“Reclaim” Shows a Woman Struggling Under the Weight of Family Responsibilities

by Brian Hioe

Photo courtesy of Rong Gwan Productions

This is a No Man is an Island film review written in collaboration with Cinema Escapist as part of coverage of the 2022 New York Asian Film Festival. Keep an eye out for more!

RECLAIM ATTEMPTS to tell a story about an older woman dealing with the pressures of life.

In the film, domestic issues constantly weigh on protagonist Lan-hsin’s mind. Lan-hsin clearly loves her husband, a man who clearly has too little to do in retirement and fusses too much about the lives of other members of his family, usually in most cases believing that he knows best and that all others do not. However, Lan-hsin struggles with his demands. At the same time, Lan-hsin tries to care for her adult daughter, who works as an architect, and her mother, who has Alzheimer’s.

Photo courtesy of Rong Gwan Productions

Lan-hsin has a close relationship with her daughter, who is facing issues with professional success. But Lan-hsin also faces the uncertainty of aging, as embodied in her increasingly forgetful mother. She sometimes wonders about the other possibilities that she gave up in life to start a family, such as studying abroad in Paris.

Reclaim‘s choice to focus on a woman on the verge of retirement could’ve proven interesting, much in the same way as Everything Everywhere All at Once. Nevertheless, the most dramatic thing that Lan-hsin does for most of the movie seems to be searching for homes, and considering investment opportunities.

The film offers intriguing possibilities for plot development when it appears that Lan-hsin has been defrauded by a younger real estate agent acquaintance. The movie could have, then, become a story about what happens when the elderly are financially defrauded, an increasingly severe issue in Taiwan–though this more often takes the case of the elderly and senile falling for online and telephone-based investment scams than from individuals that they personally know and are well-acquainted with.

Photo courtesy of Rong Gwan Productions

Yet this element enters late in the film, and is quickly dropped as just another episode in the life of Lan-Hsin, with later suggestions in the movie that she could have imagined the incident. This takes place as part of a series of attempts to cast doubt on the reliability of the narrative perspective of the film, but this story element enters into the equation far too late to be successful.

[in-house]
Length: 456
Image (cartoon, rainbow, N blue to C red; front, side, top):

But insofar as Lan-hsin spends most of the movie simply looking at houses and considering investments, the film becomes somewhat unbearable to watch in light of the sheer economic privilege of its protagonists, at a time in which Taiwan’s young struggle, lacking the economic opportunities of their parents. Most young people in the film are presented as unsuccessful, while Lan-hsin and her husband are happily retired. This generational wealth gap could have made for interesting dynamics for the plot to explore, but is just presented as a fact of life. Yet scenes of Lan-hsin and her mother dressed in expensive matching outfits, preparing to take a flight, are not only hard to stomach but serve to make the characters rather unrelatable for all viewers except those that are similarly wealthy.

There’s nothing inherently wrong with focusing a film on the upper-middle class. One notes that many of the masterpieces of the Taiwanese New Wave, particularly the films of Edward Yang, were about upper middle-class families–but these characters were highly relatable to audiences, as their lives spoke to universal human experiences. Reclaim hardly proves as meditative or philosophical as any of the New Wave films, simply because it does not dwell on any theme long enough for deeper reflection.

Photo courtesy of Rong Gwan Productions

Reclaim doesn’t work as a character study either. None of the characters are dynamic or three-dimensional enough to be sufficiently engrossing for audiences. Though the film could have explored the vicissitudes of aging, this seems more of a tacked-on element than anything when it comes up awkwardly near the closing of the film. To this extent, the film would have been better served narratively by prioritizing Yan-hsin’s relation with her husband, mother, or daughter, and focusing on one relationship over the others.

At the very least, Reclaim has competent acting. Paw Hee-ching gives a competent turn as Yan-hsin, but the best performance of the film is probably Kou Hsi-shun’s role as her husband. Kou manages to hit every beat, coming off as sternly patriarchal or obnoxiously demanding with precisely the right register for every occasion. Still, the film is mostly forgettable.